Incident 424: Universities' AI Proctoring Tools Allegedly Failed Canada's Legal Threshold for Consent

Description: AI proctoring tools for remote exams were reportedly "not conducive" to individual consent for Canadian students whose biometric data was collected during universities' use of remote proctoring in the COVID pandemic.


New ReportNew ReportNew ResponseNew ResponseDiscoverDiscoverView HistoryView History
Alleged: Respondus Monitor , ProctorU , ProctorTrack , Proctorio , ProctorExam and Examity developed an AI system deployed by Canadian universities, which harmed Canadian students.

Incident Stats

Incident ID
Report Count
Incident Date
Khoa Lam
Online Test Proctoring Software and Social Control: Is the Legal Framework for Personal Information and AI Protective Enough in Canada? · 2022

Academic surveillance can be considered as an emerging field of “capitalism surveillance” (Zuboff) pertaining to the dominance of a few companies in the surveillance field. Online proctoring software represent a variety of tools often based…

Online exam proctoring software during the pandemic: The quest to minimize student privacy risks · 2022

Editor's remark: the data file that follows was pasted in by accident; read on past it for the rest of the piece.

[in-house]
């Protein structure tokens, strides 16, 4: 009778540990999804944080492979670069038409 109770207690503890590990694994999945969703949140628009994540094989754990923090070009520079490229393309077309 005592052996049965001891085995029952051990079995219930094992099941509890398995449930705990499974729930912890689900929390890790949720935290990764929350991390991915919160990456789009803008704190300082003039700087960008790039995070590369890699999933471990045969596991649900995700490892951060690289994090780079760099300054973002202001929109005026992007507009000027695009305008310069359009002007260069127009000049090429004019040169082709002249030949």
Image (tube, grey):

University of Ottawa



Project leader(s)

Céline Castets-Renard, Professor, Faculty of Law – Civil Law Section, University of Ottawa


This project examines how, during the COVID-19 pandemic, many universities…

Online proctoring biometrics use fails to meet Canadian legal threshold, report says · 2022

Online proctoring tools for conducting remote exams do not go far enough to ensure free, clear and individual consent from Canadian students whose biometric data they collect, according to a new report published by the University of Ottawa …

Online proctoring biometrics fails to meet Canada's legal threshold of consent: report · 2022

Online proctoring biometrics for remote exams fails to meet Canada's legal threshold of consent, privacy, and anti-discrimination, according to a new academic report from the University of Ottawa with the support of the Office of the Privac…


A "variant" is an incident that shares the same causative factors, produces similar harms, and involves the same intelligent systems as a known AI incident. Rather than index variants as entirely separate incidents, we list variations of incidents under the first similar incident submitted to the database. Unlike other submission types to the incident database, variants are not required to have reporting in evidence external to the Incident Database. Learn more from the research paper.